The Space Between the Notes

The Space Between the Notes

By Vitiello Communications Group

“We’re in a world where disruption is a daily deal. In music, we call it dissonance. We have a way of resolving dissonance, and a lot of it has to do with the way we listen.”

Freddie Ravel, the accomplished session musician, versatile pianist and recording artist taught a packed audience at the WBENC National Conference and Business Fair on Wednesday, June 22 how to apply musical concepts and structures to improve our own listening and leadership skills.

Ravel noted that we speak at about 150 words a minute. Our brains think at between 600 and 1,000 words a minute. So when we begin speaking to a friend or colleague, the listener’s brain is already racing ahead of us, maybe even in a different direction. Because of this variance in the speed and tempo of human speech and hearing, we often miss the subtleties that are meant to be communicated.

One way musicians overcome the effects of dissonance is to adjust the key in which they are playing. Ravel likened this to listening with empathy, slowing down our inner thoughts and placing ourselves in the shoes of the person to whom we are listening to gain understanding and appreciation.

The juxtaposition of melody and harmony is like collaboration in business, Ravel said. Played in the same key, the sum of the parts becomes greater than the individual contributions. “Melody and harmony is what you sing; rhythm and timing are everything!”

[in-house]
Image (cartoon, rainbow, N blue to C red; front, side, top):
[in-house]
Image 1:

To illustrate, Ravel stood at his piano and bounced through the familiar opening bars of “Satin Doll,” the jazz standard immortalized by Duke Ellington. Then he challenged his audience to listen to the same piece of music played in a different way. Ravel proceeded to pound the piano keys, eliminating all the pauses and stops that deliver the distinctive rhythm and beat of the song. The piece was unrecognizable.

“That’s what happens when we don’t pay attention to the space between the notes,” said Ravel. “When you take the word ‘listen’ and rearrange the letters, you spell ‘silent.’” Effective communication requires us to be silent at intervals.

“Music is the undisputed international language; it is the essence of who we are,” Ravel said. In his entertaining, music-filled keynote speech before 3,500 business owners and corporate sponsors in the cavernous hall at the Orange County Convention Center, he gave us a glimpse into the tools that musicians study and access to perfect their performance. Bravo!




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